Rural Residence is Associated with a Delayed Trend Away From Sulfonylurea Use for Treatment Intensification of Type 2 Diabetes
Objective: To examine the intersection between location of residence along the rural-urban continuum (metropolitan/urban/rural) and sulfonylurea dispensation records for the management of type 2 diabetes.
Research Design and Methods: This retrospective cohort study used administrative health records of adult new metformin users between April 2008-March 2019 in Alberta, Canada. Multivariable logistic regression was performed to examine the association between sulfonylurea-based treatment intensification and location of residence.
Results: Treatment was intensified in 66,084 (38%) of 171,759 new metformin users after a mean of 1.5 years. At treatment intensification, mean age was 55 years, 62% were male, and 27% were rural residents. The most common antihyperglycemic drug, given to 30,297 (46%) people for treatment intensification, was a sulfonylurea. At the beginning of our observation period, the proportion of people dispensed a sulfonylurea at first treatment intensification was highest in rural (57%), compared to urban (54%) and metropolitan (52%) areas (p=0.009). Although proportions decreased over time across the province, rural residents continued to have the highest proportion of sulfonylurea users (45%) compared to urban (35%) and metropolitan (37%) (p< 0.001) and the trend away from sulfonylurea use was delayed by ~4 years for rural residents. Adjusting for potential sources of confounding, rural residence was associated with a significantly higher likelihood of using a sulfonylurea compared to metropolitan (aOR:1.34; 95% CI:1.29-1.39).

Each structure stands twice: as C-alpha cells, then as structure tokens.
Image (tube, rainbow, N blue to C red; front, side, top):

Conclusions: Variation in sulfonylurea dispensation across the rural-urban continuum provides a basis for continued research in the differences in process of care by location.